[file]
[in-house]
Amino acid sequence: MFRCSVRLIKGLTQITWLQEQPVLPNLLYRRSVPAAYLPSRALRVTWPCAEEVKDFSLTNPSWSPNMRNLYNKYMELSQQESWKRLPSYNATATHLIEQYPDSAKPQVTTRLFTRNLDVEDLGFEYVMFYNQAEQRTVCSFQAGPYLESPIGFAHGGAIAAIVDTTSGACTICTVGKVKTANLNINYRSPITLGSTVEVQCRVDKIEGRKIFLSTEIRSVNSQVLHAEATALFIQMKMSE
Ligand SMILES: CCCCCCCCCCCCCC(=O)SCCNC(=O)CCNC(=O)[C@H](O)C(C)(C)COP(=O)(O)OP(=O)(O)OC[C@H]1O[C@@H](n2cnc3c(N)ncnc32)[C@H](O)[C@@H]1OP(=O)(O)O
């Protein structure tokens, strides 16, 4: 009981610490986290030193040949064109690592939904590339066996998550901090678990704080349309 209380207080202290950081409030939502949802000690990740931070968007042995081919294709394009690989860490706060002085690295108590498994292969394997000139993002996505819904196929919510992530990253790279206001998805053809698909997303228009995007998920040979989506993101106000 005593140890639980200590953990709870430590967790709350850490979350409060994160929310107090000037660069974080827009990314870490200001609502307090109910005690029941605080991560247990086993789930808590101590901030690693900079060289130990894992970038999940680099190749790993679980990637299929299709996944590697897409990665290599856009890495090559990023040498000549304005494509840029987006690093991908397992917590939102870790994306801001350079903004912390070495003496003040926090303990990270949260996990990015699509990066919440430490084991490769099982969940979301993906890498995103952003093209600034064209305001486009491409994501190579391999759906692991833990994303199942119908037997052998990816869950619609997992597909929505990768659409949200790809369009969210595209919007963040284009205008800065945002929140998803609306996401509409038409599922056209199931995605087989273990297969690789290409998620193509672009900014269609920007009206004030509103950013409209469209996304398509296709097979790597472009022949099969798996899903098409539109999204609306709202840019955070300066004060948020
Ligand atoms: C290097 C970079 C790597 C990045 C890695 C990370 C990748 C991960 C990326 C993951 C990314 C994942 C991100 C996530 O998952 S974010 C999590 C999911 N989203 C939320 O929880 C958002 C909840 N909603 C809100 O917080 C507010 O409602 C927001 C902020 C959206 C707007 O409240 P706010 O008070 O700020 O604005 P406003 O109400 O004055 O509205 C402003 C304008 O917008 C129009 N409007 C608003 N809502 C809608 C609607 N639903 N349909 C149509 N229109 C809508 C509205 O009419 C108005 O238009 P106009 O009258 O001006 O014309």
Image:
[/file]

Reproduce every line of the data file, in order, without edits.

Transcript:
[in-house]
Amino acid sequence: MFRCSVRLIKGLTQITWLQEQPVLPNLLYRRSVPAAYLPSRALRVTWPCAEEVKDFSLTNPSWSPNMRNLYNKYMELSQQESWKRLPSYNATATHLIEQYPDSAKPQVTTRLFTRNLDVEDLGFEYVMFYNQAEQRTVCSFQAGPYLESPIGFAHGGAIAAIVDTTSGACTICTVGKVKTANLNINYRSPITLGSTVEVQCRVDKIEGRKIFLSTEIRSVNSQVLHAEATALFIQMKMSE
Ligand SMILES: CCCCCCCCCCCCCC(=O)SCCNC(=O)CCNC(=O)[C@H](O)C(C)(C)COP(=O)(O)OP(=O)(O)OC[C@H]1O[C@@H](n2cnc3c(N)ncnc32)[C@H](O)[C@@H]1OP(=O)(O)O
């Protein structure tokens, strides 16, 4: 009981610490986290030193040949064109690592939904590339066996998550901090678990704080349309 209380207080202290950081409030939502949802000690990740931070968007042995081919294709394009690989860490706060002085690295108590498994292969394997000139993002996505819904196929919510992530990253790279206001998805053809698909997303228009995007998920040979989506993101106000 005593140890639980200590953990709870430590967790709350850490979350409060994160929310107090000037660069974080827009990314870490200001609502307090109910005690029941605080991560247990086993789930808590101590901030690693900079060289130990894992970038999940680099190749790993679980990637299929299709996944590697897409990665290599856009890495090559990023040498000549304005494509840029987006690093991908397992917590939102870790994306801001350079903004912390070495003496003040926090303990990270949260996990990015699509990066919440430490084991490769099982969940979301993906890498995103952003093209600034064209305001486009491409994501190579391999759906692991833990994303199942119908037997052998990816869950619609997992597909929505990768659409949200790809369009969210595209919007963040284009205008800065945002929140998803609306996401509409038409599922056209199931995605087989273990297969690789290409998620193509672009900014269609920007009206004030509103950013409209469209996304398509296709097979790597472009022949099969798996899903098409539109999204609306709202840019955070300066004060948020
Ligand atoms: C290097 C970079 C790597 C990045 C890695 C990370 C990748 C991960 C990326 C993951 C990314 C994942 C991100 C996530 O998952 S974010 C999590 C999911 N989203 C939320 O929880 C958002 C909840 N909603 C809100 O917080 C507010 O409602 C927001 C902020 C959206 C707007 O409240 P706010 O008070 O700020 O604005 P406003 O109400 O004055 O509205 C402003 C304008 O917008 C129009 N409007 C608003 N809502 C809608 C609607 N639903 N349909 C149509 N229109 C809508 C509205 O009419 C108005 O238009 P106009 O009258 O001006 O014309």
Image: